Today's dip into the archives takes us back to a simpler time when social distancing and antibacterial wipes weren't really a part of the NFL training camp vernacular.

What the Saints were doing at the time probably seemed like a good idea.

But if you read between the lines here, it seems like I was a little skeptical from the beginning.

The training camp experiment lasted three seasons, all of which resulted in 7-9 records for the Saints, so maybe I was on to something.

Anyway, this was the warning from July of 2014:


Well, you guess this is one way for the Saints to cut down on training camp holdouts.

You know all about NFL training camps, of course.

They're hot and spartan. Sweaty. Brutal. Dusty. There's blazing, eye-squinting sun. Wind sprints and gassers.

Parched mouths … brown grass … Oh, the humidity, the pure torture and … five golf courses … a tennis center … nine restaurants … seven bars … two spas, one with genuine mineral water … skeet shooting … carriage rides … fly fishing … a casino …

Wait a minute.

Got sidetracked there.

No, I'm reading the literature right.

The Saints will open their 2014 training camp in that hell hole known affectionately throughout the NFL as … "The Greenbrier Resort."

Also known as "America's Resort."

photo for scooters column

INSET: Saints head coach Sean Payton caddies for Ryan Palmer during the Greenbrier Classic pro-am on July 3, 2013. The Saints spent three fruitless training camps at the luxury resort.

 

I believe it's in West Virginia somewhere, probably White Sulphur Springs, nestled in the Allegheny Mountains.

Not exactly Bear Bryant's Junction Boys.

But presumably the Saints will find time between world-class croquet and the Oakhurst Links to install an offense before returning to New Orleans.

Are you listening, Jimmy Graham?

Do you really want to hold out and miss this?

I'm sure somebody will pull some strings and get you into a foursome at The Old White TPC Course, which just last week was hosting the PGA Tour's Greenbrier Classic.

It's Slammin' Sammy Snead's old haunt.

The Saints say that, when considering a good spot for their July-August blood, sweat and tears, they chose The Greenbrier as a proper escape from the New Orleans weather over the same time frame.

They'll do the first half in West Virginia before returning when things cool off in New Orleans in mid-August.

Makes sense.

You know what they say about the sticky Louisiana weather in July-August — it's not the heat, it's finding a decent morning tee time.

Try the Meadows Course, famous for its double green on the 18th hole and, according to lore, "offers the best photographic opportunities of the courses with its panoramic views of the surrounding mountains."

Sure beats Metairie in August.

The Saints have fled their humid headquarters before. For a preseason camp in Jackson, Miss., for instance, it was sometimes a full degree cooler (if that's the word) than in Metairie.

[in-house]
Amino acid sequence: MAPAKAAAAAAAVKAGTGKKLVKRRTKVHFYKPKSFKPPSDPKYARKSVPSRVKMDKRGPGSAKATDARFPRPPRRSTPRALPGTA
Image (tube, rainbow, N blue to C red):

So this time they're leaving nothing to chance. According to the Chamber of Commerce, it sometimes has trouble getting above 80 at The Greenbrier.

Also, it's a great opportunity to fine-tune that short game at the (Nick) Faldo Golf Center, maybe sneak in a round of horseback riding or horseshoes.

But don't get the idea it will be easy. Surely there's some kind of law about having a curfew and a casino in the same building, so there could be some rugged morning workouts.

Yet they said nothing good would come out of Bountygate.

This novel approach to the rigors of training camp ­— falconry and shuffleboard are also available — apparently was hatched while head coach Sean Payton was banished, sitting out the 2012 season after being suspended by NFL Commissioner Roger Goodell.

One of the part-time jobs Payton took on to make ends meet that year was to caddy for his PGA Tour buddy Ryan Palmer in the Greenbrier Classic.

Apparently, during lulls in Palmer's golf, Payton looked at the squash courts, the biking trail and kayak marina, slapped his forehead and said, "This is it! This is the perfect spot for training camp."

In fact, it's hard to think of any outdoor activity that The Greenbrier doesn't offer.

Well, there was at least one.

When the Saints inquired, it turned out there was this noticeable shortage of football fields.

None, actually.

But that was no problem.

It's doubtful the Saints would be able to squeeze in many jumping jacks or scrimmages after a busy day of off-road racing and canopy tours anyway.

But, just to be sure, The Greenbrier built two regulation grass football fields, both as well manicured as the croquet lawns, and another with artificial turf — just on the odd chance the team ever gets bored and feels the urge to give football a whirl.

But no one will ever again call owner Tom Benson cheap. The low-end rooms at The Greenbrier, according to website, run you something like $650 a night for a double, plus mini-bar and greens fee charges (however, "nightly turndown service" is included).

But they should be able to get their chores completed in as much secrecy as possible considering that whatever football practice they manage to work into their spa time will be open to the public.

Payton and the braintrust can probably be assured of secrecy while plotting season strategy.

This, after all, is the spot where the feds built a luxurious fallout shelter roughly the size of Utah underneath one of America's busiest resorts without anybody knowing about it for 30 years.


Scooter Hobbs covers LSU athletics. Email him at shobbs@americanpress.com

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